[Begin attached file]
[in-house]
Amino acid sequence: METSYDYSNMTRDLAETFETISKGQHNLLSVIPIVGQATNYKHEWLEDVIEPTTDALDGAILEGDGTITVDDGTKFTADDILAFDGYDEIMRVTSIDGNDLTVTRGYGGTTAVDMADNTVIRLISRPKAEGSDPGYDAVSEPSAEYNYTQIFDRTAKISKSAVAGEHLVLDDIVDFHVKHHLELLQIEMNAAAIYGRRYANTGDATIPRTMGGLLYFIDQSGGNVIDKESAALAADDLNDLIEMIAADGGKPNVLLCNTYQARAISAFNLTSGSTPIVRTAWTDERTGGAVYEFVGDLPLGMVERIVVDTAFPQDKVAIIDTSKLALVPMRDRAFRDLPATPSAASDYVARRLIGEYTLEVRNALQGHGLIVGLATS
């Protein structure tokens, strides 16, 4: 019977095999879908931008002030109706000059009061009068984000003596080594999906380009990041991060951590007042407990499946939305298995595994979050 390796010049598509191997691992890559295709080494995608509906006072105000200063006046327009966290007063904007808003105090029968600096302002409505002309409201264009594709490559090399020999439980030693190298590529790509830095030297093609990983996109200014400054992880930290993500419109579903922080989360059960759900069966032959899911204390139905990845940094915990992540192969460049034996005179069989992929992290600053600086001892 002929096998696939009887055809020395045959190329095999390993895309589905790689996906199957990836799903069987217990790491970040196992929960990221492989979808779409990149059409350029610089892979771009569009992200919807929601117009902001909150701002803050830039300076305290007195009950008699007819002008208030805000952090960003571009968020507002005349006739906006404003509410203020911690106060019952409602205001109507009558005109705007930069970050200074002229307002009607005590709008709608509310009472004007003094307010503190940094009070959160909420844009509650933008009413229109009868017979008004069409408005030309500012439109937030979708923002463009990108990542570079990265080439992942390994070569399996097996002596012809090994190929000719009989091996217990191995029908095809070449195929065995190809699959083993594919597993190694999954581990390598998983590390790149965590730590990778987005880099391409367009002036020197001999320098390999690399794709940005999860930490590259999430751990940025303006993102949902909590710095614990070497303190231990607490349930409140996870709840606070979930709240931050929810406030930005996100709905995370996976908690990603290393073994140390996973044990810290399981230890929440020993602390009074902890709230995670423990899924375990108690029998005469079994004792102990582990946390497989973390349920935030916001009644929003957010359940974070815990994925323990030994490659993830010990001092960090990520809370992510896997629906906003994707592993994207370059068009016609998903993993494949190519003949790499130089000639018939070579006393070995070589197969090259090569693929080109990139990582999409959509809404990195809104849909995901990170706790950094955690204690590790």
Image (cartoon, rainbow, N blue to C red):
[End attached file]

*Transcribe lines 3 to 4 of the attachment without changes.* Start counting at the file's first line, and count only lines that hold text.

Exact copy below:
């Protein structure tokens, strides 16, 4: 019977095999879908931008002030109706000059009061009068984000003596080594999906380009990041991060951590007042407990499946939305298995595994979050 390796010049598509191997691992890559295709080494995608509906006072105000200063006046327009966290007063904007808003105090029968600096302002409505002309409201264009594709490559090399020999439980030693190298590529790509830095030297093609990983996109200014400054992880930290993500419109579903922080989360059960759900069966032959899911204390139905990845940094915990992540192969460049034996005179069989992929992290600053600086001892 002929096998696939009887055809020395045959190329095999390993895309589905790689996906199957990836799903069987217990790491970040196992929960990221492989979808779409990149059409350029610089892979771009569009992200919807929601117009902001909150701002803050830039300076305290007195009950008699007819002008208030805000952090960003571009968020507002005349006739906006404003509410203020911690106060019952409602205001109507009558005109705007930069970050200074002229307002009607005590709008709608509310009472004007003094307010503190940094009070959160909420844009509650933008009413229109009868017979008004069409408005030309500012439109937030979708923002463009990108990542570079990265080439992942390994070569399996097996002596012809090994190929000719009989091996217990191995029908095809070449195929065995190809699959083993594919597993190694999954581990390598998983590390790149965590730590990778987005880099391409367009002036020197001999320098390999690399794709940005999860930490590259999430751990940025303006993102949902909590710095614990070497303190231990607490349930409140996870709840606070979930709240931050929810406030930005996100709905995370996976908690990603290393073994140390996973044990810290399981230890929440020993602390009074902890709230995670423990899924375990108690029998005469079994004792102990582990946390497989973390349920935030916001009644929003957010359940974070815990994925323990030994490659993830010990001092960090990520809370992510896997629906906003994707592993994207370059068009016609998903993993494949190519003949790499130089000639018939070579006393070995070589197969090259090569693929080109990139990582999409959509809404990195809104849909995901990170706790950094955690204690590790």
Image (cartoon, rainbow, N blue to C red):